The same month that La Belle Assemblée (let’s abbreviate it to LBA) published the Clarence/Meiningen dress, they published a portrait of the new Duchess of Kent, with obsequious commentary on her and her husband. It also offered a description, but no illustration, of “the Victoria déshabille, or Duchess of Kent’s morning dress: it is of a beautiful lavender coloured Italian crape, made partially high, with pelerine cape, and is elegantly trimmed with satin of the same colour as the robe.”
The same issue offered a colored plate with multiple Clarence references. In comparison, the lavender morning dress seems a bit of a bone thrown in Victoria’s direction. Was this due to Adelaide’s higher rank, as wife of a prince one step higher up in the line of succession?
The dress above is described as “richly embroidered with Clarence blue. Clarence bonnet, finished at the edge with a double cordon of blue and white double larkspur blossoms…Clarence spenser [sic], of a fine marine blue, with mancherons and lapels of white satin.” The issue’s General Observations on Fashion and Dress added that “For the carriage, as a morning airing costume, the Clarence spenser and bonnet are most in favour: they are of a fine marine blue…This bonnet… takes its name from the Duchess of Clarence.”
Rudolf Ackermann’s Repository of the Arts gave the Duchess of Kent a little more coverage. In the August 1818 issue, the usual two monthly color plates face each other, one featuring a Clarence bonnet in pink (Ackermann doesn’t seem to have read the memo–or drunk the kool-aid?–on Clarence Blue) and the other an evening dress with a “Kent toque” (a close-fitting, brimless hat; this one looks more like a turban).
The text describes the toque as composed of “Parisian gauze of a bright colour, richly embroidered in small roses.” The evening dress is described as a “British net frock;” machine-made net was a quite new invention, and plain and embroidered net became popular worn over colored slips for evening wear over a blue satin slip, with blond lace trim at the hem “in the French style.”
There’s really no reason to suppose the bonnet and toque were so named because their namesakes were actually seen wearing anything of the kind. (Surely if they had been, the writers would have said “as seen worn by the Duchess at X occasion,” rather than “takes its name from the Duchess of Clarence.”) But Adelaide must genuinely have liked the vivid blue associated with her: several subsequent portraits portray her in similar tints, long after the trendy name went out of use.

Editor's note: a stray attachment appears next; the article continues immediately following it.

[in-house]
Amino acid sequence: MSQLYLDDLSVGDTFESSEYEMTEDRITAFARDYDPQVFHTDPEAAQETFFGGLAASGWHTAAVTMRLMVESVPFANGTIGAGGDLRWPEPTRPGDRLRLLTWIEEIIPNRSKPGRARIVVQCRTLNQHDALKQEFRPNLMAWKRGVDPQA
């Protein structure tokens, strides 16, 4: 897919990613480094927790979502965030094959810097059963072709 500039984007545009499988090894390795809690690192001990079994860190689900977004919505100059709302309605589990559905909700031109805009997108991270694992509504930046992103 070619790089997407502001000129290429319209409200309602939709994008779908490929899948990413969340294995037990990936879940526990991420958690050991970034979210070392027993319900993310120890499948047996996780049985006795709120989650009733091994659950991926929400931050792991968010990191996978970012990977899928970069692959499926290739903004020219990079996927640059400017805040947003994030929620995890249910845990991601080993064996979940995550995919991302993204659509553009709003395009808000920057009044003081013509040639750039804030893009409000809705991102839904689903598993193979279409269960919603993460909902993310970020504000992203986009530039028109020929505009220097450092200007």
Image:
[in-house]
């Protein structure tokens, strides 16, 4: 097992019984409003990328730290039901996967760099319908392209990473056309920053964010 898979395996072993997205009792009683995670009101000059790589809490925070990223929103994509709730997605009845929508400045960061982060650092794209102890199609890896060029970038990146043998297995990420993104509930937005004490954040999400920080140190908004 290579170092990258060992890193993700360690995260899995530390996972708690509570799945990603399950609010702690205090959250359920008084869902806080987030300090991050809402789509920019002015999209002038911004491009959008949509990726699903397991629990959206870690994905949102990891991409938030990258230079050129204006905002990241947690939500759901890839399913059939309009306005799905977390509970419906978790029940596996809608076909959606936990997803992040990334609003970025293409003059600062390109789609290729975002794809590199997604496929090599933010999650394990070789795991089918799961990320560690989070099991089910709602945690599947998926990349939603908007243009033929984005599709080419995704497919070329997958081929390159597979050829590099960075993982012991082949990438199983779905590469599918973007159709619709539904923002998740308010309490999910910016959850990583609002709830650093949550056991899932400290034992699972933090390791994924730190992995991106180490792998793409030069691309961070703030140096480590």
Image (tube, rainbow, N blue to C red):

Her coronation portrait features deep blue robes, which may be her own choice or may have been chosen to complement her husband’s. This blue, however, is darker than what we’ve seen called Clarence Blue before.
But did the fashion press’s touting of Clarence blue have any effect? Should we take a magazine’s claim that this or that color, or style of hat, was really trending, at face value? It’s difficult to prove causal connections between fashion coverage and consumers’ taste, due to the small selection of surviving garments. (Too little headwear survives for us to assess whether anyone ordered and wore a Clarence bonnet or Kent toque.)
But several blue dresses and a pelisse whose style details date them to the late 1810s or early 1820s survive, their colors quite similar to that in the 1818 portrait and the fashion plates. As William deGregorio points out in his essay about one of these dresses, offered by Titi Halle in the 2016 catalogue of Cora Ginsburg, “Before this time, lighter blue shades called “azure” and “celestial blue” had been most popular.” The dress offered in the catalog was from Connecticut; it is now at the Metropolitan Museum of Art.
You can see more pictures of this dress at
https://www.metmuseum.org/art/collection/search/708524. To read DeGregorio’s research on Clarence blue, see http://coraginsburg.com/catalogues/2016/CoraGinsburgCatalogue2016.pdf
A pelisse (coat) with a Scottish provenance, dated 1818-24, is in the collection of the Cincinnati Museum of Art, as DeGregorio’s essay notes.
Another dress, with an unspecified American provenance, is in the DAR Museum collection. It can be dated to about 1818-20 based on the skirt width and construction (gores creating a slight A-line, a change from the narrow tubular skirts which precede it) and the hem trim. http://agreeabletyrant.dar.org/gallery/1810s/blue-silk-dress/